Following the introduction of the Gender Pay Gap Information Act 2021, the Department of Children, Equality, Disability, Integration and Youth published a guidance note on calculating the Gender Pay Gap (GPG) metrics on May 10.


This week the government published the awaited Regulations to give effect to the GPG reporting in Ireland. Below is a summary of the Gender Pay Gap (GPG) Information Reporting: Your questions answered:

Which employers are affected?

The reporting requirements under the Gender Pay Gap Information Act 2021 will be rolled out incrementally based on the number of employees in the organisation. Here is the timeline:

  • +250 employees: 2022
  • +150 employees: 2024
  • +50 employees: 2025

The Act does not require employers with 50 or fewer employees to report on GPG.

What employers with more than 250 employees must know and do?

You are required to:

1. Pick a snapshot date, any day in June 2022.

2. Do a headcount of all persons you employ on that snapshot date, including employees not rostered to work on that date and employees on leave. The type of contract of the workers determines whether they are deemed ‘employees’. The calculations must then be based on those employees’ remuneration for the 12-month period preceding the snapshot date. Therefore, the employees leaving the organisation after the snapshot date do not affect this reporting.

3. Produce your GPG information within six months of your snapshot date.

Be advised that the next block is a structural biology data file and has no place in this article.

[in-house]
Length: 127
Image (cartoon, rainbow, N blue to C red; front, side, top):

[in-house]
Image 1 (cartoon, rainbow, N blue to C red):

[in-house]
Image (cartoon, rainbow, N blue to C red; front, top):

4. Publish your GPG information six months after your snapshot date. For example, if 24 June is your snapshot date, your reporting deadline is 24 December. You need to publish the report on your website or in a manner accessible to all your employees and the public.

What should the report contain?

  • The mean and median hourly wage gap
  • Data on bonus pay
  • The mean and median pay gaps for part-time and temporary contract employees
  • The proportions of male and female employees in the lower, lower-middle, upper-middle, and upper quartile pay bands

You are also required to publish a statement detailing the reasons for the gender pay gap in your company and what measures you will take to eliminate or reduce that pay gap. Detailed instructions on calculations are available in the guidance note.

Conclusion

Employers have a short time to prepare for the coming requirements. On Thursday 16 June, Addleshaw Goddard will partner with workplace compliance experts, Legal Island to deliver a webinar on the new Irish gender pay gap reporting requirements. Maura Connolly, Head of Employment at Addleshaw Goddard, Ireland and Sarah Harrop, Employment Partner at Addleshaw Goddard in the UK will speak at the webinar. To find out more and register, click here.

Key Contacts

Maura Connolly

Maura Connolly

Partner, Head of Dispute Resolution and Employment (Ireland)
Dublin, Ireland

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Sarah Harrop

Sarah Harrop

Partner, Employment & Immigration
London

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